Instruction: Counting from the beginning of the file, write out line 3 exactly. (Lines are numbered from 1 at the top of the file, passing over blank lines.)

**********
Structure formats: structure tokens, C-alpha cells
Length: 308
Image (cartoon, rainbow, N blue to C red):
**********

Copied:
Image (cartoon, rainbow, N blue to C red):